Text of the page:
Hugo Brinkmeyer is a rather obsessive tax accountant, with not much of a personality outside his work. His long-suffering wife Gerda sometimes finds him difficult, and they have no children. Leaving a club together one night, he takes the wrong hat with him. Eventually tracing the owner, so as to get his own back, the other man (Schwidders) asks his advice about his own tax affairs; he reveals that he has twin sons by an extra-marital affair, and his wife doesn't know. Can he nonetheless get tax relief for them? He takes Schwidders' papers with him agreeing to see what can be done, and goes on to a birthday party of an old school friend, Süsskind. It's in another club, and he stays longer than he should, and drinks more than he should. Late at night the club owner asks him for help with the accounts, and Brinkmeyer agrees, and stays even later going through the books, and drinking, with help from a dancer, Rita. When he gets home his wife cold-shoulders him, and he is in big trouble; ... Written by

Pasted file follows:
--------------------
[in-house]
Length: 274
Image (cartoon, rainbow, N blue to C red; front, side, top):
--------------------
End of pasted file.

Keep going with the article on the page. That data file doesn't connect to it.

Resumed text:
Heinz Rühmann brought the portrayal of his character to a fine art: always the little man, battling against the uncertainties of life and romance, but winning through with his honesty and tenacity.
Unfortunately, the establishing of the formula led the film companies to get lazy, and not pay much attention to a strong story line. This one starts off promisingly enough, but it runs out of steam about twenty minutes in, and then it resorts to putting Rühmann's character into embarrassing situations with no concern for creative worl.
Stronger acting support and some real dramatic situations might have saved the film, but they aren't there.
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